The Gift and the Wise Men
An Epiphany Suite for Wind Ensemble and Pipe Organ
Commissioned by the Concordia Wind Orchestra (Jeff Held, conductor)
To the memory of Frieda M. Schumm
I. Gold - A Gift for a King
II. Frankincense - A Gift for the Spirit
III. Myrrh - A Gift for the Sacrifice
IV. Christ - A Gift for the World
A great deal of mystery still surrounds the period of time celebrated as the epiphany. We know the new-born Jesus was visited by three men from a far away land who brought him gifts of gold, frankincense and myrrh, but little is known about the sequence of events. Who did these foreign men believe Jesus to be? Where exactly did they come from? Why did they bring those particular gifts?
This piece is inspired by the prophetic nature of the gifts themselves. It is widely speculated that the gifts the wise men brought were each a symbol of an aspect of Jesus' life on earth to come. The first gift, gold, is represents Christ the King. This movement is therefore a royal processional which builds slowly but then errupts into a stately theme and is then passed throughout the winds and organ.
The second gift, frankincense, is a type of incense that in Jesus' day was often burned during prayer. This gift represents the spirit of Jesus which would be bestowed on humanity as the Holy Spirit when Christ arose into heaven. The second movement, then, is a mysterious, swirling mass of shifting tonalities both light and dark. The harp, wind chimes and marimba create a nebulous bed of sound over which a long melody (representing the spirit) travels. The accompaniment moves swiftly like the Holy Spirit while the chords in the low brass change slowly representing the mountain-moving power of the Holy Spirit. As ambiguously as it began, the movement quietly fades away.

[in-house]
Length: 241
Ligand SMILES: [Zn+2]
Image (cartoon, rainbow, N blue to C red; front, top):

The third gift of the wise men was myrrh. In those days, myrrh was often used as an embalming oil and perhaps makes this the strangest gift for a newborn child. Myrrh then could be symbolic of the suffering and death Jesus would suffer at the hands of men. This movement plays as a lament for the crucified and suffering savior. After a brief introduction, a hymn-like melody is played in solo form. The winds then grow in strength. The organ takes over the melody but mid-way through is joined by a fortissimo wind section as the anguish of the melody grows. The movement sounds as if it will end as quietly as it began, but there is still one final crescendo which reaches deafening heights as if the stone of Jesus' tomb itself is being rolled into place.
While epiphany is often the focus of the gifts the wise men brought to Jesus, it is important to consider the true reason these men made their long journey. They brought earthly gifts, yes, but their main goal was to have the chance to worship this newborn king. While Jesus may have received three important and symbolic gifts that night, it was the wise men (and us!) who received the one true gift: a savior, Jesus Christ. The fourth movement of this piece is a celebration of that gift. In the middle of the movement, all becomes quiet as a narrator reads from Matthew 5, also known as the Beatitudes, as solos from the winds perform melodies from the three preceeding movements. The beatitudes are what Jesus taught during his sermon on the mount and present with no uncertainty what gifts lie in store for us as believers. The final reading by the narrator is John 3:16 - a perfect explanation of God's gift to the world. The piece then swells in fanfare and begins a driving celebratory coda which comes to a thunderous finish.